George Paul was born in Belgium. His father, Paul Paul (1865-1937) was an eminent landscape and portrait painter who also painted under the name Politachi. His mother, Marion, died in 1909 when George was just 13 years old. He started at Westminster the following year in Ashburnham House and remained at the school until July 1914.
George Paul played an active part in House life. He was tanned [beaten] by a monitor, McCulloch for ‘coming into upper [the senior boys study] when not properly dressed’. He made up for his misdemeanours by his sporting ability and was awarded house colours and later full pinks. In 1913, thanks to Paul’s help, Ashburnham House managed to win both the inter-house Football and Cricket competitions.
Paul played football for the school, although it was wryly noted in The Elizabethan that he and a contemporary Veitch would never be ‘of much value till they realise that feeding their forwards well is nearly as valuable as robbing their opponents of the ball’. He can’t have been that bad a player as he made it on to the 1st XI during his last year at school, although the report for the season state that ‘he must learn to keep his eye on the ball when he tackles instead of making rather a blind dash for it.’
That summer, following the outbreak of war with Germany, he joined the army. He served in The King’s Liverpool Regiment. He was killed in action at Ypres, Belgium when he was just 19 years old.
William Blencowe Wells Durrant was the only son ofFrederick Chester Wells Durrant the Attorney-General of the Bahamas, West Indies. Durrant was clearly very academically gifted – he joined the school as a King’s Scholar in 1908 and obtained a Classical Scholarship at Magdalene College, Cambridge in 1913.
He was less gifted on the football pitch – indeed his first appearance in the annual football match between the scholars and the Town Boys was rather disastrous. Playing in goal, he managed to allow the opposition to score five times! One of the goals was particularly unfortunate, initially hitting the post but then rebounding off Durrant (who had fallen down trying to save it) and landing straight into the net.
Perhaps unsurprisingly given his father’s occupation, Durrant particularly excelled in public speaking. He was a stalwart of the school debating society and spoke in a style described as ‘fluent but rambling’. He also appeared in the Latin Play two years running, playing female parts both times. A reviewer commented that ‘his movements were far too masculineand strenuous, and he wielded his fan with morevigour than grace.’
On the outbreak of war Durrant left Cambridge and took a commission in the Rifle Brigade. He was killed in action near Ypres on 8th May 1915.
Gordon Stewart Ness was at Westminster for only two years. In The ElizabethanGrant’s House recorded that they were ‘very sorry to have lost him when he left unexpectedly in the middle of the Election Term 1902′. We don’t know whether he then enrolled at another school, but in 1904 he matriculated at Clare College, Cambridge. He also joined the 4th Battalion of the Black Watch as a volunteer. In 1909 he began working at Lloyd’s as an underwriter.
Ness married Gladys Harrison in Kensington in the spring of 1914. Soon after (in fact, considerably less than 9 months after) a son was born, Anthony Patrick Ness on 5th June. After the declaration of war Ness joined the 1st Battalion of the Royal Scots Fusiliers and went out to the Western Front on 11th September. He was killed in action at Ypres on 10th November 1914. Gladys Ness gave birth to his second child in June 1915, a daughter named Marguerite. Gladys never recovered from the loss of her husband and their children were raised by Ness’ sister, Catherine Ann Horsley.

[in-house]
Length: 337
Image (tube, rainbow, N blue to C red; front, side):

Ness’ son went on to marry Lady Brigid Guinness, who had formerly been married to Prince Frederick of Prussia, grandson of Kaiser Wilhelm II. His daughter, Marguerite, married Heinz Friedrich Eberhard, Baron von Westenholz. The School has been in touch with their son, Ness’ grandson, who kindly provided us with a photograph of his grandfather. Ness is commemorated on the school’s war memorial, the Menin Gate at Ypres, the Lloyd’s of London Arch on Leadenhall Street and at his home town of Braco Castle, Dunblane.
The eldest of three brothers to attend Westminster, George Hodgson had a seemingly unremarkable time at the school. He was involved in the literary society, as well as being a decent cricket player, though seemed to concentrate more on his school work than anything else. The same can’t be said of his time at Cambridge, where he started at Trinity College in 1907. He spent a lot of time in his first 2 years coxing the third college boat, at which he was apparently so bad that “he has been thanked by the county council for so ably assisting their work of widening the river at that point”. An interest in Beagling, which he won trophies for, followed by some illness meant he did little coxing in his final two years.
He went straight into the army, having received his commission from the university, where he joined the Border Regiment in September 1911 as a second lieutenant. The years before the war were spent in England, but in 1914 his battalion was put under control of the 7th Division at Lyndhurst, before leaving for Belgium at the beginning of October. As with Tomlinson’s battalion, they assisted with the evacuation of Antwerp before moving to Ypres, where Hodgson spent the next month. He was made a lieutenant a few days after they arrived.
Both he and his younger brother were injured around the same time, though it was George who had the worst of it. While his brother was invalided home, he was taken to the military hospital in Boulogne, where he died of his wounds 4 days later, on the 6th of November 1914, aged 26. His service was distinguished after his death by mention in John French’s despatch the following January.